Its fruit is sweet and has been used both for livestock feeding and for human consumption, making it a substitute for cocoa and in the production of syrups and liqueurs. Carob seeds are known as garrofí in Catalan and are used in the chemical industry for the manufacture of paints, medicines and cosmetics. As the size of these seeds is usually regular, it was used as a measure of weight, hence the name “carat”, which comes from the Greek keration and means carob.
The almond tree (Prunus dulcis) is a species cultivated on our islands. It is a tree that does not exceed 5 meters in height and its rough-looking bark peels off in plates over time. The leaves are deciduous, lanceolate in shape and green on both sides. It blooms during the winter before the leaves, which are still developing, and adorn the landscape with snowy-petals. This scenery attracts many of those who are fond of photography and painting.
Of Iranian-Turanian origin, it is cultivated and wild in almost the entire Mediterranean region. In our municipality, the cultivation of the almond tree has been one of the economic resources until a few years ago. Almonds are very present in our gastronomy and used for typical Mallorcan confectionery, such as gató (almond cake) or the elaboration of almond milk. In addition, the wood of this tree has also been used to make furniture and gates for the fields.
The pine tree (Pinus halepensis) is a typical Mediterranean tree and is abundant on our islands. This evergreen tree can reach 20 meters in height and inhabit any place since the terrain and climate of our islands are favorable for it. The light green leaves are called needles and are arranged on the stems in pairs. Its conical fruits, pine cones, can remain on the tree for years, reaching a large number of them at the top.
From this tree its firewood has been used mainly to make agricultural tools and also furniture. Its resin has also been used to obtain turpentine or turpentine essence, which is nothing more than a distillation of its resin.
It is one of the first trees to colonize abandoned crops since it is a heliophilous species, that is to say, high solar exposure favors its growth.
Wild Olive Tree
The wild olive (Olea europaea var. sylvestris) is a wild version of olive trees. This tree inhabits dry and warm places and can form wild olive groves.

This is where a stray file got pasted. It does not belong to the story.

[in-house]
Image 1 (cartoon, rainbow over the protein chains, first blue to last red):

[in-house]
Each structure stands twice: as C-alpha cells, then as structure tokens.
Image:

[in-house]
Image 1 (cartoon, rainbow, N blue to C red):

Its perennial leaves are lanceolate, grayish green on the front and whitish on the back, they are waterproof and tough. It blooms at the end of spring and its flowers are grouped in bouquets. Its fruit, the acebuchina (olivó in Catalan) is like an olive but with a large pit. The olivó can be prepared and consumed just like olives and also used for the extraction of oil. Birds appreciate this fruit more than humans and feed on them while helping to disperse their seeds.
In general, the dimensions of the leaves and fruits are smaller than those of the olive tree (Olea europaea) and the bearing of the tree and the trunk are simpler. The wood of the wild olive tree, like that of the olive tree, is very hard and is used for the manufacture of agricultural tools, kitchen utensils and for the construction of windmills or waterwheels (sínies) amongst other utilities.
The fig tree (Ficus carica) is a widely cultivated species for its fruit, the figs. This deciduous tree is native to southeastern Europe and Asia Minor but has been cultivated since ancient times in the Mediterranean basin. With tortuous branches and thick roots, it loses its large leaves during the winter. Its flowers are arranged inside a fleshy receptacle, reminiscent of the fruit where pollination is carried out by a tiny wasp called Blastophaga thicknessum.
The fruit is used from the fig tree to be consumed ripe or fresh, but also extracted latex can be used as rennet when making cheese, and curiously to remove warts from the skin. On the other hand, its wood, of low caloric capacity and low density, has practically not been used for combustion.